About a year and a half ago, I traveled through New Zealand to piece together its historical involvement with tea. My research resulted in an article that was published in the May 2012 issue of New Zealand Geographic.* Since the full article is not freely available and some of you might be interested to read about our country’s history with our favourite drink, I decided to publish it here on our blog in 2 parts. The first part did cover New Zealand’s illustrious tea culture, while this second part covers Aotearoa’s long history of attempting to grow tea.
100 years of tea cultivation in New Zealand
The duty on tea imported into New Zealand has always been a prominent factor in its price. So, possibly to avoid import taxes completely or spurred by the British East India Company’s success of growing tea in India, the first ideas of growing tea locally in New Zealand’s North Island surfaced towards the end of the 19th century.
However, it wasn’t until the 1920s that tea as a cash crop received serious consideration. At this time, a number of farmers around Motueka in the north of the South Island were looking for a new type of crop after the rapid increase in motor vehicle use indicated the nearing end of their profitable horse feed agriculture. After careful analysis, the two most promising crops were deemed to be tea and tobacco. Tobacco seemed likely to bring easier and faster profits, so it became the area’s staple cash crop until the 1970s when its profitability quickly diminished due to the withdrawal of the government’s protective legislation based on growing health concerns.
Quickly needing a replacement for tobacco, local farmers were suddenly looking again at growing tea commercially in the area. After the visit of Australian tea farms by a local Motueka tobacco farmer, the New Zealand Tea Company was formed by a co-operative of about 100 farmers and test plots were established at the Department of Scientific and Industrial Research’s Riwaka Research Station in Motueka.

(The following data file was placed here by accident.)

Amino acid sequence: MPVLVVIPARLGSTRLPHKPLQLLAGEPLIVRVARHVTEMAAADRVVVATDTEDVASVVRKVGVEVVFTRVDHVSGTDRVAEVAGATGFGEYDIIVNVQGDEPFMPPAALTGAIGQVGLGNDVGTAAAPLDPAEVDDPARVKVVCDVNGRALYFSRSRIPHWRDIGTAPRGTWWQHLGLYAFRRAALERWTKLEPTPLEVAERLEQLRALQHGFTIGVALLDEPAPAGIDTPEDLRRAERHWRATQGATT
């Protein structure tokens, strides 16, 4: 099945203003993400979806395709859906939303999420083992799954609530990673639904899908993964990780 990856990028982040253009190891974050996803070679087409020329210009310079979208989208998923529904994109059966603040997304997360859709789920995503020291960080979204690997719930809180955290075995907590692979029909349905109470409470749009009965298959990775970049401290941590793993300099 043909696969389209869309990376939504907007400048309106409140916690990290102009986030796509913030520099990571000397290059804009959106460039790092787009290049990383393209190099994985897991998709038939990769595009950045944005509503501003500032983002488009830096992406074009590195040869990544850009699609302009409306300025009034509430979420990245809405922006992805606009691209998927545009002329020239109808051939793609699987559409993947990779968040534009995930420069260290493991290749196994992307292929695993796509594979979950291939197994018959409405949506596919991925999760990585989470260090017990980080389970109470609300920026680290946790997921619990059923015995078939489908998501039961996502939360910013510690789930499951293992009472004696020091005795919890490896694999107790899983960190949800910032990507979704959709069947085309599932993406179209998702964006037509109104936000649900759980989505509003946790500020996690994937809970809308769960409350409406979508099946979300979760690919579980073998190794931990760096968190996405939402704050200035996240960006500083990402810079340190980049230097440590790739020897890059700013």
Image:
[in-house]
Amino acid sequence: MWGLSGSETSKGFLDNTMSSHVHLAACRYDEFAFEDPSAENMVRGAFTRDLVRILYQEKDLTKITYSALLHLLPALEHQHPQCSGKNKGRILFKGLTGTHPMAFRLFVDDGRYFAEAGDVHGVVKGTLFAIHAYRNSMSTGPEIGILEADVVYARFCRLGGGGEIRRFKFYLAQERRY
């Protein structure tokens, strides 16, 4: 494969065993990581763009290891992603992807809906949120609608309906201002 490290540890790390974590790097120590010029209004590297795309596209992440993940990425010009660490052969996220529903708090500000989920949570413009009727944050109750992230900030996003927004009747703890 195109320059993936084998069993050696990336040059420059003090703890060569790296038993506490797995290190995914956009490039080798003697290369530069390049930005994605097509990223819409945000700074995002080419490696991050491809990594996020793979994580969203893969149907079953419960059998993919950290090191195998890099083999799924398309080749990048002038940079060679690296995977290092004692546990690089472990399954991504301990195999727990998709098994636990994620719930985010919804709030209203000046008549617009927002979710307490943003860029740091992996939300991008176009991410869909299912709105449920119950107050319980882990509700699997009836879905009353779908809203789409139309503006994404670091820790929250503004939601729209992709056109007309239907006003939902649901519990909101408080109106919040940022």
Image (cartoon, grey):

It quickly became clear that the original idea of growing black tea would not be economically viable due to changing global tea markets and enthusiasm for the project waned with most members of the cooperative leaving. Through a stroke of luck, a Japanese businessman discovered the abandoned tea bushes a few years later and contracted the co-operative, which now consisted of only 23 remaining farmers, to supply fresh green tea to Japan during the northern hemisphere’s off-season for his Japanese company. The members of the New Zealand Tea Company were sworn to secrecy by their investor and a clause in the contract demanded all existing tea plants in the South Island to be destroyed prior commencement of the project.
The destruction of other tea plants was intended to prevent cross-pollination with the desired plant variety of Camellia Sinensis by the name of Yabukita. This meant that all tea plants that were left from failed experiments of growing tea on the West Coast in the 1960s as well as the plants originally planted around Motueka during the earlier trials were to be destroyed and replaced by a single cultivar.
Over the course of six years, the original cuttings imported from Japan in 1981 were propagated to provide the necessary two million seedlings to cover the envisioned 100ha of land. At its peak, about 95ha were planted in tea and the first harvest was made 10 years after the start of the project in the spring of 1991.
But New Zealand’s climate and possibly the use of the wrong cultivar for the local conditions soon put a halt to the budding tea industry. A couple of severe frosts in the late spring of 1994 and 1995 destroyed the majority of the high-value first growth crop and the high UV levels in New Zealand led to tea leaves that had not the desired bright-green colour of high-quality Japanese tea but a rather yellowish tone. While tea was grown in Motueka until the late 1990s, it never became a successful industry and was soon forgotten.
Around the same time, another effort to grow tea in New Zealand was underway on the North Island. Robert Evans from Purangi Estate on the Coromandel Peninsula had a strong concern to preserve the genetic diversity of tea plants in New Zealand. When he heard about the impending destruction of all tea plants in the South Island, he collected all the different plants that he could find and established the Purangi Tea Collection.